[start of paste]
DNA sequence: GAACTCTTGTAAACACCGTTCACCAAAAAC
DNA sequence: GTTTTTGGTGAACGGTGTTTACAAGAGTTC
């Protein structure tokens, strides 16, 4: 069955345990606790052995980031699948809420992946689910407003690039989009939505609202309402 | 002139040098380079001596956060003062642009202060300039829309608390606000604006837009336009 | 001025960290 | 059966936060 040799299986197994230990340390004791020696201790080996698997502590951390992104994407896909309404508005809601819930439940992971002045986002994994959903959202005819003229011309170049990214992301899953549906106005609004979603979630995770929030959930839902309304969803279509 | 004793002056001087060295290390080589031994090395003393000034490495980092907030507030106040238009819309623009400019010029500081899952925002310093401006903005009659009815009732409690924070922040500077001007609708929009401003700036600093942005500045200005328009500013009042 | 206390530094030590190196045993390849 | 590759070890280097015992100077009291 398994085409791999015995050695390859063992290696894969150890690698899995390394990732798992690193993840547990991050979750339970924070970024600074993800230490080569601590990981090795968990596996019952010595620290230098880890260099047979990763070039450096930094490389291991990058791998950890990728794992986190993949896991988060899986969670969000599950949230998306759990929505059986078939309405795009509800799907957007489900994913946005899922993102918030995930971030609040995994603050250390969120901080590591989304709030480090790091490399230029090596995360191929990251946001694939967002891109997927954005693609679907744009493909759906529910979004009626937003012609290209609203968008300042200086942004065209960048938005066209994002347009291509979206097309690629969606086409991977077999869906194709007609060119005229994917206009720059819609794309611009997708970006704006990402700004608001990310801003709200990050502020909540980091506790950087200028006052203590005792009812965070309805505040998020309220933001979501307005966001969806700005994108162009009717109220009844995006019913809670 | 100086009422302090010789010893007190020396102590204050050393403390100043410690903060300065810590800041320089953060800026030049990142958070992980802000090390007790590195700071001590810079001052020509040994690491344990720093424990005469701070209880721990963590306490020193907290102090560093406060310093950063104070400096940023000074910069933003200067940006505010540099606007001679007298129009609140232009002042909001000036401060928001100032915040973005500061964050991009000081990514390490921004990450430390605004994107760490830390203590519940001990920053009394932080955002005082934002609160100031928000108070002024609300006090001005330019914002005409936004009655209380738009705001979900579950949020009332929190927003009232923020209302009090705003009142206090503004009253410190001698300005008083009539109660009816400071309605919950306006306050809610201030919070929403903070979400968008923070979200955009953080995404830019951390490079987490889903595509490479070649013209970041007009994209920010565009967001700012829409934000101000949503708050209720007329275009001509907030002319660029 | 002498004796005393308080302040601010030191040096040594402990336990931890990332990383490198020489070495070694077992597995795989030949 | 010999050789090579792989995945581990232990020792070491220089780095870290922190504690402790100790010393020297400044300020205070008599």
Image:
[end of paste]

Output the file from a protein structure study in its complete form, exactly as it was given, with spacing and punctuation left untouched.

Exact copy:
DNA sequence: GAACTCTTGTAAACACCGTTCACCAAAAAC
DNA sequence: GTTTTTGGTGAACGGTGTTTACAAGAGTTC
């Protein structure tokens, strides 16, 4: 069955345990606790052995980031699948809420992946689910407003690039989009939505609202309402 | 002139040098380079001596956060003062642009202060300039829309608390606000604006837009336009 | 001025960290 | 059966936060 040799299986197994230990340390004791020696201790080996698997502590951390992104994407896909309404508005809601819930439940992971002045986002994994959903959202005819003229011309170049990214992301899953549906106005609004979603979630995770929030959930839902309304969803279509 | 004793002056001087060295290390080589031994090395003393000034490495980092907030507030106040238009819309623009400019010029500081899952925002310093401006903005009659009815009732409690924070922040500077001007609708929009401003700036600093942005500045200005328009500013009042 | 206390530094030590190196045993390849 | 590759070890280097015992100077009291 398994085409791999015995050695390859063992290696894969150890690698899995390394990732798992690193993840547990991050979750339970924070970024600074993800230490080569601590990981090795968990596996019952010595620290230098880890260099047979990763070039450096930094490389291991990058791998950890990728794992986190993949896991988060899986969670969000599950949230998306759990929505059986078939309405795009509800799907957007489900994913946005899922993102918030995930971030609040995994603050250390969120901080590591989304709030480090790091490399230029090596995360191929990251946001694939967002891109997927954005693609679907744009493909759906529910979004009626937003012609290209609203968008300042200086942004065209960048938005066209994002347009291509979206097309690629969606086409991977077999869906194709007609060119005229994917206009720059819609794309611009997708970006704006990402700004608001990310801003709200990050502020909540980091506790950087200028006052203590005792009812965070309805505040998020309220933001979501307005966001969806700005994108162009009717109220009844995006019913809670 | 100086009422302090010789010893007190020396102590204050050393403390100043410690903060300065810590800041320089953060800026030049990142958070992980802000090390007790590195700071001590810079001052020509040994690491344990720093424990005469701070209880721990963590306490020193907290102090560093406060310093950063104070400096940023000074910069933003200067940006505010540099606007001679007298129009609140232009002042909001000036401060928001100032915040973005500061964050991009000081990514390490921004990450430390605004994107760490830390203590519940001990920053009394932080955002005082934002609160100031928000108070002024609300006090001005330019914002005409936004009655209380738009705001979900579950949020009332929190927003009232923020209302009090705003009142206090503004009253410190001698300005008083009539109660009816400071309605919950306006306050809610201030919070929403903070979400968008923070979200955009953080995404830019951390490079987490889903595509490479070649013209970041007009994209920010565009967001700012829409934000101000949503708050209720007329275009001509907030002319660029 | 002498004796005393308080302040601010030191040096040594402990336990931890990332990383490198020489070495070694077992597995795989030949 | 010999050789090579792989995945581990232990020792070491220089780095870290922190504690402790100790010393020297400044300020205070008599």
Image: